ADAPTOGENS - Adaptogens are a group of herbs that work specifically with the adrenal pathway, helping to bring hormones into balance, and some can be really useful in healing from burnout. They work by normalizing the body’s functions under stress and taking them daily improves mental and physical performance while reducing fatigue. Though all Adaptogens help the body reduce and resist the effects of stress, they each have their own mechanism of action to benefit overall health. And because there’s no toxicity associated with Adaptogens, the more the better. You can purchase Adaptogen blends from me directly. I personally swear by them and use them daily.
SLEEP - Sleep is vital as it’s a time when your body repairs and restores. Aim for at least 8 hours a night and retired to bed before 10pm to make sure you’re working with the Earth’s natural rhythms. Between 10PM and 3AM is when the body experiences the biggest amount of “repair” time.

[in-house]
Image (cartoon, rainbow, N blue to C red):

EXERCISE - If you’re already close to burnout levels of stress, you want to go easy on the exercise. Exercise will boost energy levels, however pushing yourself hard can actually do more damage. Intense cardio can increase cortisol, and if you’re already burnt out, you may not have the reserves to repair. Opt for restorative exercises or even brief intermittent training instead.
LAUGH - Yes, laugh. In my first burnout experience, I decided that I would stop consuming anything negative. I only watched funny programs and read funny books. Laughter truly is the best medicine and I found that I had far more energy after watching a funny movie than I did after spending so much time being frustrated by my lack of energy. Laughter was one of the best parts of self-care and I still use this medicine as often as possible.
If you think you’ve experienced burnout, are in burnout or are recovering from burnout and would like some guidance on next steps, feel free to reach out. The nutritional system I use was instrumental in helping me regain my vitality and energy and I can help you get started with your own tailored system to fit your specific needs. I firmly believe that health is one of the greatest assets we can have.